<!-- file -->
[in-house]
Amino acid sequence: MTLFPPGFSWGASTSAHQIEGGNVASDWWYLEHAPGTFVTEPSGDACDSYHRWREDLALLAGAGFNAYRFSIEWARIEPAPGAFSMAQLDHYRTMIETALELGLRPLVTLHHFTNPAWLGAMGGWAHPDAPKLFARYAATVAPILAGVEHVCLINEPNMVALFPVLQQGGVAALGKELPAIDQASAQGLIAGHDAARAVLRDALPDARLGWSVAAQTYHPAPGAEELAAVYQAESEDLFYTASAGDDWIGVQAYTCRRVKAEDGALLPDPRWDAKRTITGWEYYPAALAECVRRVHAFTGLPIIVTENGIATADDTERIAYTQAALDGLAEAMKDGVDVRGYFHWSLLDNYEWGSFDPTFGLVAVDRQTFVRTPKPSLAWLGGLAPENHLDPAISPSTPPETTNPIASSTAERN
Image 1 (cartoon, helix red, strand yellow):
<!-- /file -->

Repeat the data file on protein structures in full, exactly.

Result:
[in-house]
Amino acid sequence: MTLFPPGFSWGASTSAHQIEGGNVASDWWYLEHAPGTFVTEPSGDACDSYHRWREDLALLAGAGFNAYRFSIEWARIEPAPGAFSMAQLDHYRTMIETALELGLRPLVTLHHFTNPAWLGAMGGWAHPDAPKLFARYAATVAPILAGVEHVCLINEPNMVALFPVLQQGGVAALGKELPAIDQASAQGLIAGHDAARAVLRDALPDARLGWSVAAQTYHPAPGAEELAAVYQAESEDLFYTASAGDDWIGVQAYTCRRVKAEDGALLPDPRWDAKRTITGWEYYPAALAECVRRVHAFTGLPIIVTENGIATADDTERIAYTQAALDGLAEAMKDGVDVRGYFHWSLLDNYEWGSFDPTFGLVAVDRQTFVRTPKPSLAWLGGLAPENHLDPAISPSTPPETTNPIASSTAERN
Image 1 (cartoon, helix red, strand yellow):